Researchers have created a living organism with a combination of natural and artificial DNA, that is also capable of creating new synthetic proteins, according a Reuters report. The breakthrough is a significant move toward the ability to create artificial life. The research was published in the journal Nature, by Floyd Romesberg, a chemical biologist at Scripps Research Institute in La Jolla, California. Romesberg’s previous work demonstrated that is possible to include letters in the genetic alphabet beyond its current four letters, which include guanine, thymine, cytosine, and adenine. Romesberg’s research in 2014 created a strain of E. coli including two additional letters, X and Y, expanding the variety of “words” that DNA can contain.

The new research demonstrated that this partly artificial E. coli can read the new additions to the genetic alphabet, in order to construct new proteins with synthetic elements.

“This is the first time ever a cell has translated a protein using something other than G, C, A or T,” according to Romesberg. “It’s the first change to life ever made,” he added.

Romesberg and his colleagues have sought to accomplish this goal for nearly two decades, but not simply to create artificial life. The new research shows that life forms like the novel strain of E. coli could someday be used to create protein-based drugs.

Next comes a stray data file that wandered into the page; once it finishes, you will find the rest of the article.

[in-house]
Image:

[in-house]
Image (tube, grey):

“Proteins have become hugely important for drug discovery. Proteins are now being used as drugs,” Romesberg said.

This includes drugs such as insulin, enzymes, interferons, and antibodies, as well as diagnostic tools. In 2014, Romesberg started a company called Synthorx Inc, dedicated to the creation of new, protein-based treatments.

“A lot of proteins that you want to use as drugs get cleared in the kidney very quickly,” he explained. The new breakthrough could allow fat molecules to be attached, helping the drugs to remain in the body

Romesberg admits:

“I think synthetic biology by its very nature scares a lot of people, because you’re sort of playing with life and trying to optimize it to do new things. And people say, ‘Hey, wait a minute — that could be dangerous. What if they escape into nature?’ And I think that’s a significant concern. I think people should be worried about that kind of thing.”

But he says their process requires that bacteria be fed precursors for the X and Y elements, as well as synthetic amino acids, which means they can’t survive at all outside of a laboratory setting.

“They can’t escape. There’s no ‘Jurassic Park’ scenario.”

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